We’ve highlighted before how bond yields for European periphery nations such as Ireland, Greece, Spain, and Italy have been rising, even though their problems haven’t been making international headlines like they did a few months ago.
Even though these troubled European nations have all announced austerity measures, markets are realising that A) austerity can be politically-impossible to implement and B) austerity plans as announced won’t be enough.
Ireland in particular has been under renewed scrutiny lately. The nation’s sovereign debt was downgraded by S&P just a few weeks ago, and the government clumsily rushed to contain the PR damage. Then just last week the economist Simon Johnson called the nation insolvent.
Ireland, simply put, appears insolvent under plausible scenarios with current policies. The idea that Ireland, Greece or Portugal can cut spending and grow out of overvalued exchange rates with still large budget deficits, while servicing all their debts and building more debt, is proving – not surprisingly – wrong. Such policies leave nations burdened with large debt overhangs that effectively tax businesses and borrowers – because interest rates must stay high to reflect risk.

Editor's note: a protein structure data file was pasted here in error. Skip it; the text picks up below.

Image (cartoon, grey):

Investors must wonder whether businesses and homeowners can afford these higher interest rates, so banks and investors cut credit lines and reduce lending. This strangles economies, even when the fiscal authorities take tough steps needed to cut deficits.
As if to underline Mr. Johnson’s point, this week the expected cost of bailing out troubled Anglo-Irish bank is exploding.
The bank has recently announced that it will probably need some €25 billion in fresh capital, equivalent to a full 19 per cent of the country’s GNP. Credit rating agency Standard & Poor’s has said that it believes this to be low-balling the true figure, estimating that the real cost could come to €35 billion.
Once again the Irish government is in damage control mode, via Irish finance minister Brian Lenihan:
Mr Lenihan stressed that it is “simply not the case” the bail-out could bankrupt the state and that the debts that have effectively transferred from private hands to the public were “infuriating but manageable.”
“Management have put forward a case that if the bank were allowed to engage in lending, it might reduce the cost to the taxpayer further,” he said.
Yet according to Mr. Johnson, Ireland’s current path will leave each Irish family of four with 200,000 euros of government debt by 2015. Even if the Anglo-Irish bailout is cheaper than expected, the Irish taxpayer will be buried under massive future liabilities. So far, Mr. Johnson’s view of Irelish finances seems far more compelling than the government’s.